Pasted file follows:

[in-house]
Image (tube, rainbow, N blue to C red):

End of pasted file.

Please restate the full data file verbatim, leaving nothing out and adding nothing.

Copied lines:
[in-house]
Image (tube, rainbow, N blue to C red):